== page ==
Performing Arts: Dance
  THE PAUL TAYLOR AMERICAN MODERN DANCE COMPANY: Taylor and Tanowitz
November 18, 2019
The Paul Taylor American Modern Dance Company entered into its Lincoln Center season full of fresh new faces and riveting new commissions. In a historic period of transition for the company following Taylor’s passing in 2018, new artistic director Michael Novak presented a company with a revived vision for its future.

The program opens with classic Taylor work, Airs.Accompanied by the Saint Luke’s Orchestra, six dancers float onto the stage. Costumed in Gene Moore’s elegant blue garments, the women’s dresses soar, while the shirtless men in blue tights are a staple of Taylor masculinity. Soft, sustained pique glides are effortless while petite-allegro is musical, quick, and clean. At times the choreography scuttles, at others it slides. Soloist, and Taylor veteran, Michelle Fleet is a true representation of grace and skill.

Pam Tanowitz’s all at once is a stunning portrayal of technique and swagger. With reference to the title of the work, the entire company bursts in view whimsically filling the space. Clothed in pastel green, blue, and yellow unitards which are draped in a gauzy white cloth, costume designers Harriet Jung and Reid Bartelme clothe the dancers in garments which move even in stillness.

Each dancer follows their own rhythm and score, with accompaniment by Bach’s Violin Concerto and Oboe Sonata simply floating over them. Tanowitz’s choreographic vision is carried out with rapid sequencing and alert shifts of weight. The dancers’ technical abilities are highlighted as the choreography tests them with syncopated jumps and shifts back and forth into pedestrian postures.

Composed of continuous sections and uninterrupted dancing, the framework of the piece is a welcome compliment to Taylor’s traditionally segmented work. Dancers move from duets, to solos, to group phrases scattered about. They flee into and out of relationships with one another seamlessly. Sometimes there is an acknowledgement of partnership with a head nod or a hand gesture, other times they are simply occupying the same space.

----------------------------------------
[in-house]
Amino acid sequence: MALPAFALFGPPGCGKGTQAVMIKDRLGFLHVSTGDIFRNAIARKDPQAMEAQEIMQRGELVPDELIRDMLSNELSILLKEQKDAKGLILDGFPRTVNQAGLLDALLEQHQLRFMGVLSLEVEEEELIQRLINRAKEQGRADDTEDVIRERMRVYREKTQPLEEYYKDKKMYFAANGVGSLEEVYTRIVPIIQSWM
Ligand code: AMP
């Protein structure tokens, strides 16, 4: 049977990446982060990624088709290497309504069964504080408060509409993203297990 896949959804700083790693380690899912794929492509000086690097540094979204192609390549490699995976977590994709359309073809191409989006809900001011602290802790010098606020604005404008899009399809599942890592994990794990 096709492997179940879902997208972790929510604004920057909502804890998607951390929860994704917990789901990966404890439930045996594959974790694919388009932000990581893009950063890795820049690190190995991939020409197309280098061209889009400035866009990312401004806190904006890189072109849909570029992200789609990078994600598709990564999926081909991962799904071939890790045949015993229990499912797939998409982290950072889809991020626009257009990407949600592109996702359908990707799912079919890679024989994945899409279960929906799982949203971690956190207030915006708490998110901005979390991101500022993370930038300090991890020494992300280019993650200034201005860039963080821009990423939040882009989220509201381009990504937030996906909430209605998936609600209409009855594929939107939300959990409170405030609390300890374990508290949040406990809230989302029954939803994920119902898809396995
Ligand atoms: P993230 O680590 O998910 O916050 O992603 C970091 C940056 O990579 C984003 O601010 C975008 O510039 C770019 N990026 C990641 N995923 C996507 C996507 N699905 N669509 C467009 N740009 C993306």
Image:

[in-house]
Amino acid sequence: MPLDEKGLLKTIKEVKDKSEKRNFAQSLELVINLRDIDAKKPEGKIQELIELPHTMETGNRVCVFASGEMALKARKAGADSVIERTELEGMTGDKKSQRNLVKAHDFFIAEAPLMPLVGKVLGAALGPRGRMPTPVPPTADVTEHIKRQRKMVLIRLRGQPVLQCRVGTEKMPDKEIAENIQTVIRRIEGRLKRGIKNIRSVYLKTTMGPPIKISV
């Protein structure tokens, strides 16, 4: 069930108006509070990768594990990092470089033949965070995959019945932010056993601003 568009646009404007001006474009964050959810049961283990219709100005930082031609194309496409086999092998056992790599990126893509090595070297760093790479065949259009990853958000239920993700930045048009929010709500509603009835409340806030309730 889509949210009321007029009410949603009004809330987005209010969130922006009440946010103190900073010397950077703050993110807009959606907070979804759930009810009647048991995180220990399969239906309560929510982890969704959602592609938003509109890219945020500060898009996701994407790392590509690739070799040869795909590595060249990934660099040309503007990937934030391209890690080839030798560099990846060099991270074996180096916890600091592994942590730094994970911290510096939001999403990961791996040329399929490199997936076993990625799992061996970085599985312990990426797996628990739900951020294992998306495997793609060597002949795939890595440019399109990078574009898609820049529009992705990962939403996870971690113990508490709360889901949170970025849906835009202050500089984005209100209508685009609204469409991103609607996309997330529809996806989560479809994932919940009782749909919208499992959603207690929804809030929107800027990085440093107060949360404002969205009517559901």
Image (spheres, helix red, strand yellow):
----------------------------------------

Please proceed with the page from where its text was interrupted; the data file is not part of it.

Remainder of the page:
While this unending sequencing had the potential to exhaust the audience, the dancers’ tranquil demeanor made it so that had they gone on for hours it would have felt like minutes. Through it all, the dancers remain calm in a humorous juxtaposition of exertion and serenity.

After completing a challenging passage of sporadic footwork and gestures across the floor, the dancers relax and shrug as if to say ‘yea... we did that’. Her structural choices, combined with a precise and amusing movement quality, is what makes the piece shine, and highlights this renewed company of dancers.

Closing the program with a sweet nod to nostalgic times, Paul Taylor’s Company B is a quirky, fanciful, and sentimental tribute to war time America. A trio of women harmonize their way through American classics such as “Boogie Woogie Bugle Boy of Company B” and “Oh Johnny”. The structure of the piece follows the musical score, as dancers move through swing, jazz, and classic Taylor movement. Though it references the past, this closing piece of the program reminded Taylor audiences that this company is a group capable of executing a wide array of repertory in the future.
EYE ON THE ARTS, NY -- Mia Silvestri




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